Please note that we have stopped the regular imports of Gene Expression Omnibus (GEO) data into ArrayExpress. This may not be the latest version of this experiment.
E-GEOD-52573 - Genome-wide methylation profiling of multiple sporadic colorectal cancer
Released on 1 September 2014, last updated on 6 September 2014
Background an Aim: Epigenetics are thought to play a major role in the carcinogenesis of patients that develop multiple colorectal cancers (CRC) in the non-hereditary setting. Previous studies have suggested concordant DNA hypermethylation between tumor pairs. However, only a few methylation markers have been analyzed. This study was aimed at describing the underlying epigenetic signature that differentiates multiple from solitary colorectal cancer tumors using a genome-scale DNA methylation profiling. Patients and Methods: We used a population-based cohort (EPICOLON II) of 12 patients with synchronous CRC and 29 age- sex- and tumor location-paired solitary CRC patients. DNA methylation profiling was performed using the Illumina Infinium HM27 DNA methylation assay. The most significantly hypermethylated CpG sites results were validated by Methylight. Tumors samples were also analyzed for the CpG Island Methylator Phenotype (CIMP) using the Infinium DNA methylation data; KRAS and BRAF mutations; microsatellite instability; and immunohistochemistry for MLH1/MSH2/MSH6/PMS2. Functional annotation clustering of differentially methylated genes between multiple and solitary CRCs was performed. Results: We identified 102 CpG sites that showed significant DNA hypermethylation in multiple versus solitary tumors (difference in β value >0.1 and p<0.05). Methylight assays validated the array results for 4 selected significantly hypermethylated genes (MAP1B, HTRA1, ALOX15, TIMP3) identified in the profiling (p=0.0002). Based on the Infinium data, 8/12 (66.6%) of multiple tumors were classified as CIMP-high, as compared to 5/29 (17%) solitary tumors (p=0.004). CIMP-high tumors displayed significant hypermethylation in 301 CpG sites (difference in β value >0.1; p value <0.05). Interestingly, 76/102 (74.5%) of the hypermethylated CpG sites found in multiple vs. solitary tumors were also seen to be hypermethylated in CIMP-H tumors. Functional analysis of hypermethylated genes found in multiple vs. solitary tumors showed the presence and enrichment of genes involved in different tumorigenic functions. Conclusions: Multiple colorectal cancers are associated with a distinct methylation phenotype, with a close association between tumor multiplicity and CIMP-high. Our results may be important to unravel the underlying mechanism of tumor multiplicity in the non-hereditary scenario, and provide novel potential biomarkers for identifying high-risk patients and tailoring surveillance strategies. We used a population-based cohort (EPICOLON II) of 12 patients with synchronous CRC and 29 solitary CRC patients. DNA methylation profiling was performed using the Illumina Infinium HM27 DNA methylation assay.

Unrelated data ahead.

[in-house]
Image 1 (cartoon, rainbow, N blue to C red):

methylation profiling by array
Juanjo Lozano <firstname.lastname@example.org>, F Balaguer, J J Lozano, V Alonso, V Gonzalo
Multiple sporadic colorectal cancers display a unique methylation phenotype. Gonzalo V, Lozano JJ, Alonso-Espinaco V, Moreira L, Muï¿½oz J, Pellisï¿½ M, Castellvï¿½-Bel S, Bessa X, Andreu M, Xicola RM, Llor X, Ruiz-Ponte C, Carracedo A, Jover R, Castells A, Balaguer F, Gastrointestinal Oncology Group of the Spanish Gastroenterological Association. , PMID:24643221